Here are some of the places that only the most insane people will try to break into:

Svalbard Global Seed Vault

It is 2012, and for those who believe Armageddon might come soon, the few who will survive has this big vault in a mountain in Spitsbergen, 390 feet below ground, storing all hope for mankind. This vault houses about half a million samples of the plant species. It is about 620 miles from the North Pole and protected by miles of ocean. It is practically resistant to earthquake and any potential nuclear disaster that can wipe everything off the face of earth. It is also high enough that it is safe from flooding. The vaults are enclosed behind four steel doors and we heard that the keys to these doors are not under the doormat.

Granite Mountain

For more than five decades, the Granite Mountain has been keeping safe the genealogical library of the Mormon Church. The library houses more than 3.5 billion copies of census records and immigration papers about 600 feet underneath the mountain. The documents were collected from libraries, churches, and archives from more than a hundred countries, and then digitized by the archivist of the Mormon Church. The whole facility is climate controlled and sealed off by a 14-ton door that can withstand a nuclear blast. There are of course armed guards around the facilities.

Fort Knox

The security around Fort Knox is simply ridiculous. You have to deal with four layers of fences, video cameras, and a whole lot of armed sentinels. Most likely you will not be able to force your way into the granite walls, even using explosives, as they are 4 feet thick and reinforced by 750 tons of steel. Let us say you are lucky and get past the guards armed to the teeth with the best weapons available, you might not be able to crack open the door of the vault that weighs about 22 tons. Opening the door though is not impossible but you need to have a complete roll call of the staff members who hold portions of the combination. Inside the big vault are smaller vaults. And voila, you can start bagging 5,000 tons of gold inside. But once you get out, most likely about 30,000 soldiers are waiting for you.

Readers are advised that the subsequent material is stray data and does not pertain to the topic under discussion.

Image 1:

Federal Reserve Bank in New York

Just a few blocks from the Wall Street is the Federal Reserve Bank which holds a fourth of all the gold in the world. Three storeys below ground is a storage of gold bullions amounting to about $270 billion. About 98% of the gold bullions here are owned by other nations that trust the safety and security of the vault. The vault is surrounded by solid rock on all sides, marksmen keep a tight watch, and sealed by a steel door weighing 90 tons.

Iron Mountain

The patent for the light bulb, Einstein’s photo while sticking out his tongue, and remains of Flight 93 are all stored under the Iron Mountain. The vaults here are actually formed from old mine houses about two hundred feet below the ground and covers about 1.7 million sq.ft. Some of the vaults are occupied by the U.S. Government while the identities of other vault owners are not disclosed. Some of the known vault occupants are the Smithsonian Insitution, Corbis, and the Warner Brothers. Stored here are thousands of recordings, documents, film reels, and photo negatives. It is also home to some data centers that back up some of the biggest companies in the United States. The guards here are well armed and inspect guests in a way that the TSA will be embarassed.

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